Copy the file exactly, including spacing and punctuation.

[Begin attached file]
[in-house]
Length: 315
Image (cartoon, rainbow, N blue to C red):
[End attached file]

[in-house]
Length: 315
Image (cartoon, rainbow, N blue to C red):